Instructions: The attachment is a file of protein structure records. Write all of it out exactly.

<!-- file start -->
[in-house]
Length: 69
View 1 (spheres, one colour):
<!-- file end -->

[in-house]
Length: 69
View 1 (spheres, one colour):